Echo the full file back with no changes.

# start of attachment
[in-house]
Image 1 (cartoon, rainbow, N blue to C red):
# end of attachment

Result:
[in-house]
Image 1 (cartoon, rainbow, N blue to C red):